Previous versions were also prone to myriad gimmicks to gain fans, from thuggery bordering on pro wrestling cartoonishness to upping the sex appeal. “They really cleaned it up. This sport has changed so much since I joined,” Levitica says. “In the beginning, it was tulle skirts and the makeup and the glitter. Then they went, ‘Wait a minute. We’re athletes. You can’t wear that crap.’”
Perhaps the biggest change in the sport today is the diversity that’s represented. Women come from all walks of life to skate and while there are plenty of tattoos and piercings to go around, it’s not a bunch of lumbering biker chicks looking to brawl. Finesse, strategy and pure athleticism win games; the nose rings and tattoo sleeves are just these women being themselves.
“When I was a figure skater I never fit the mold because I was so much taller and broader,” says Kasey Miller, aka KC/DC. “I should have been playing hockey instead of ice skating but it was the ‘80s and girls didn’t do that sort of thing, especially a five-year-old girl.”
Kasey found roller derby as a way to be more active after moving to Central Arkansas from Virginia with her work. On the track, the statuesque brunette looks like an intimidating growler; up close she’s a chirpy Catholic campus minister who happens to have a taste for contact. “There’s a place for everyone,” she says. “We have people here who have never done an athletic thing in their life and they have turned into amazing athletes. Or people who have struggled with issues with their body, eating disorders or confidence who got up and sang the national anthem in front of everybody.”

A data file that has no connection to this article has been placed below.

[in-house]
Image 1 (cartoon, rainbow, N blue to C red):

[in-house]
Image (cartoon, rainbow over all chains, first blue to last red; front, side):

Kasey hasn’t passed all her preliminary tests that qualify her to join a team yet; in fact, there are certain drills in practice she’s not allowed to do until she learns the finer points of hitting and being hit. But even though she has yet to make a roster, the activity has paid enormous dividends. “It kind of allows me to stretch certain muscles that maybe don’t get stretched in the office. Having a ministerial role, I’m being more of a servant, supporting and pushing others,” she says. “Here, I have other people pushing me out front, empowering me. So a lot of things I’ve learned in derby have helped me empower and encourage my students and vice versa. It helps me be more fully myself.”
The day’s guest coach – a skater from Georgia – barks out the next drill, involving skating laps while negotiating around and over low cones to improve maneuverability and balance. The experienced skaters zip through the course and skid to a hard, screeching stop. KC/DC’s pace is more deliberate but is set to the music of half a dozen teammates cheering her on.
Daisy, the single mother of two boys, says even in a contact sport there’s far more that binds than divides. “The fact that we’re all women doesn’t mean we catfight because we don’t. We really don’t,” she says. “We’re all here for the same thing, we all want the same thing out of it and I think that we always keep that as our biggest focus. If there’s an argument or drama, we put a stop to it. I think ultimately we see the broader picture.”
We have people here who have never done an athletic thing in their life and they have turned into amazing athletes. Or people who have struggled with issues with their body, eating disorders or confidence who got up and sang the national anthem in front of everybody.
At rink-side two elementary schoolgirls complete a coloring sheet while mom hammers her way through practice. The youngsters glance up only sporadically; unlike many adults, their mother’s chosen recreation doesn’t faze them in the least. Girls can do anything after all, so what’s the big deal. In a sport built around strength and attitude, it’s this attitude of strength the women of CARD ultimately seek in themselves and invest in one another.
Central Arkansas Roller Derby practices on Monday and Wednesday.
1311 South Bowman Road, Little Rock
Games take place at the Conway Expo Center and Fairgrounds. For more information, visit cearderby.com.
Closer to home, check out River Valley Roller Girls on Facebook.